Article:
Executive Director’s Report

Changes You Deserve: A historic transformation

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Photo courtesy of the Executive Director’s Office

For more than 140 years, the American Bar Association has done business in essentially the same way. It has served us well for most of that time as we became the largest association of legal professionals in the world. Yet, while standing the test of time in many ways, the Association’s leaders saw the need to remake the ABA into an organization that can serve the current and future needs of our members at a time when the profession itself faces unprecedented change. 

The first step in that transformation began May 1, when the ABA launched a number of historically significant changes to help America’s lawyers achieve success throughout their careers. The Association can now tailor the value we deliver to members, personalized to their areas of practice and interest. Our members have exclusive access to benefits that support them as they grow their practices, enhance their professional development, and engage on issues affecting the profession.

The Association has many positive attributes, including more than 400,000 members, a budget exceeding $200 million, and about $300 million in investments. We have reduced operating costs by more than $20 million over the past five years. But that’s only part of the story. 

For the past decade, associations across the country have faced losses in membership and revenues. Young professionals are reluctant to spend their time and money joining organizations unless they see that affordable, valuable, and easy-to-access benefits come with membership. 

The same trends affect the ABA. In 1977, about half of America’s lawyers were ABA members; today, fewer than one in five is a member. Over the past 10 years, we have lost an average of 5,600 attorney members annually, which contributed to almost $20 million less in yearly dues revenues by the end of that period. 

It’s time for action. In last month’s issue of the ABA Journal, President Bob Carlson detailed the new benefits of membership, which include a CLE Member Benefit Library of more than 450 courses (and growing) included with membership, sensible dues rates, and access to exclusive, members-only content targeted to areas of interest. We have developed new tools to help legal professionals. For example, on May 1, the ABA Career Center initiated an automated process powered by artificial intelligence to help members hone their interview skills and improve their resumés.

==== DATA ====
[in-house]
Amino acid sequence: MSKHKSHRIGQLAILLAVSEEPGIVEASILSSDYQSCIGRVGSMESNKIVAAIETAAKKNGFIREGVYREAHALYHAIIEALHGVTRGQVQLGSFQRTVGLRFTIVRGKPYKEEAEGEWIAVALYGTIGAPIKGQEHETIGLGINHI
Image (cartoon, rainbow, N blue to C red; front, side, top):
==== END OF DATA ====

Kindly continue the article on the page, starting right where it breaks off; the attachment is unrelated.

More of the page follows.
These new member programs are just the beginning. Over the next year and into the future, we will unveil additional and upgraded benefits of ABA membership. The ABA will continue as the go-to resource for legal professionals, and that means keeping our content fresh and useful to members. 

The Association has improved how we communicate with our members. We updated the ABA website so it’s easier to navigate and is readily accessible on mobile devices. We launched a new automated email system that will reduce the number of irrelevant and unwanted ABA emails members receive while delivering curated, valuable content. We’re expanding our use of social media and online networks to promote the value of membership, particularly to young attorneys and law students.

We have also introduced a new ABA logo. Our former logo was used for more than 45 years. The new logo encourages a forward vision and signals that we are a changing organization, seeking modern and contemporary solutions facing the legal community. 

The ABA speaks on issues of importance to the entire legal profession. We are a part of the lives and livelihoods of every single lawyer, every single day—whether it’s through our Model Rules of Professional Conduct, our accreditation of law schools, our governmental advocacy, and so many other aspects of our profession and the justice system. Every lawyer in America has a potential voice in the policies set by the ABA House of Delegates, through their representatives in state, local, and specialty bars. Our voice for the legal profession is a robust and indispensable part of the nation’s culture of justice.

The practice of law is the experience of a lifetime, and the American Bar Association has a critical role to help attorneys develop their careers and advance the profession. By enhancing our benefits and tailoring the member experience more to individual needs and preferences, the ABA will continue to serve a vital role for legal professionals.



Print and initial online versions of “Changes You Deserve: A Historic Transformation,” June, should have referred to the ABA Model Rules of Professional Conduct.

The Journal regrets the error.
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